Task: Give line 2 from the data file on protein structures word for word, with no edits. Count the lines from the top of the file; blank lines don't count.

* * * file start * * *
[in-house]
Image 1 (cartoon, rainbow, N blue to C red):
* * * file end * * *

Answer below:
Image 1 (cartoon, rainbow, N blue to C red):